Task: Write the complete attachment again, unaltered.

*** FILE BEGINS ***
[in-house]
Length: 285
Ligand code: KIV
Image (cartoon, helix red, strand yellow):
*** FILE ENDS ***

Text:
[in-house]
Length: 285
Ligand code: KIV
Image (cartoon, helix red, strand yellow):